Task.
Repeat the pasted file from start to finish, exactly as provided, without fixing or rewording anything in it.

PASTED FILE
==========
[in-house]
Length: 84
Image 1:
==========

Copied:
[in-house]
Length: 84
Image 1: